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Glyphosate (N-(phosphonomethyl) glycine, C3H8NO5P) is used as a non-selective herbicide to kill weeds, especially perennials.

It kills plants by inhibiting their ability to make aromatic amino acids, which is an interesting target since only plants and microorganisms have this metabolic pathway. Some new crops have been bred to be resistant to it.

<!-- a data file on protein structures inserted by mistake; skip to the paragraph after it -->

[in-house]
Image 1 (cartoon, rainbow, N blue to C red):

The name is a contraction of glycine, phospho-, and -ate. It was first sold by Monsanto under the tradename Roundup but is no longer under patent so is now marketed under various names.

Glyphosate is one of a number of herbicides used by the United States government to spray Colombian coca fields through Plan Colombia. Its health effects, effects on legal crops, and effectiveness in fighting the war on drugs have been disputed widely.